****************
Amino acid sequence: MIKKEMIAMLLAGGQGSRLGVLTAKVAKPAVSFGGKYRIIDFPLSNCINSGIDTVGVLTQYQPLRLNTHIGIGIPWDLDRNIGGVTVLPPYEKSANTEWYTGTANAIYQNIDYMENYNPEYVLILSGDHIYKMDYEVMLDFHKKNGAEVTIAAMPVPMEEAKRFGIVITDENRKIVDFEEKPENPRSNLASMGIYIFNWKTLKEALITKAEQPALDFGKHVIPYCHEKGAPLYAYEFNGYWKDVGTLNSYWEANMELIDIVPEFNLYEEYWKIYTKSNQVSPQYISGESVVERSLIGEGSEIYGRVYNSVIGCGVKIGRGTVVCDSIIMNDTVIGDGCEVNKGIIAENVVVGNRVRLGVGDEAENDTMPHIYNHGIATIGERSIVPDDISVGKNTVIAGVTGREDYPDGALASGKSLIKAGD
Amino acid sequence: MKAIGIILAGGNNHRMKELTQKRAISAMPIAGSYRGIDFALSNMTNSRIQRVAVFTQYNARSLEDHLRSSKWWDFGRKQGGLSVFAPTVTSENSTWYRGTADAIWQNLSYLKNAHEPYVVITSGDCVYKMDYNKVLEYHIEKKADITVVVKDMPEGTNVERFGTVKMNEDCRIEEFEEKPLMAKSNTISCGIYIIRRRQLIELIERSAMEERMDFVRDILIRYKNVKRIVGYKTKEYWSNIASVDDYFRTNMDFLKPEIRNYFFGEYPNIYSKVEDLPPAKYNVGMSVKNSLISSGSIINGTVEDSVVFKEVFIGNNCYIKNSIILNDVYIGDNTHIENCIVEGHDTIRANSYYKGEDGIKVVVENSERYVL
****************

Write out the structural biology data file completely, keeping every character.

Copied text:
Amino acid sequence: MIKKEMIAMLLAGGQGSRLGVLTAKVAKPAVSFGGKYRIIDFPLSNCINSGIDTVGVLTQYQPLRLNTHIGIGIPWDLDRNIGGVTVLPPYEKSANTEWYTGTANAIYQNIDYMENYNPEYVLILSGDHIYKMDYEVMLDFHKKNGAEVTIAAMPVPMEEAKRFGIVITDENRKIVDFEEKPENPRSNLASMGIYIFNWKTLKEALITKAEQPALDFGKHVIPYCHEKGAPLYAYEFNGYWKDVGTLNSYWEANMELIDIVPEFNLYEEYWKIYTKSNQVSPQYISGESVVERSLIGEGSEIYGRVYNSVIGCGVKIGRGTVVCDSIIMNDTVIGDGCEVNKGIIAENVVVGNRVRLGVGDEAENDTMPHIYNHGIATIGERSIVPDDISVGKNTVIAGVTGREDYPDGALASGKSLIKAGD
Amino acid sequence: MKAIGIILAGGNNHRMKELTQKRAISAMPIAGSYRGIDFALSNMTNSRIQRVAVFTQYNARSLEDHLRSSKWWDFGRKQGGLSVFAPTVTSENSTWYRGTADAIWQNLSYLKNAHEPYVVITSGDCVYKMDYNKVLEYHIEKKADITVVVKDMPEGTNVERFGTVKMNEDCRIEEFEEKPLMAKSNTISCGIYIIRRRQLIELIERSAMEERMDFVRDILIRYKNVKRIVGYKTKEYWSNIASVDDYFRTNMDFLKPEIRNYFFGEYPNIYSKVEDLPPAKYNVGMSVKNSLISSGSIINGTVEDSVVFKEVFIGNNCYIKNSIILNDVYIGDNTHIENCIVEGHDTIRANSYYKGEDGIKVVVENSERYVL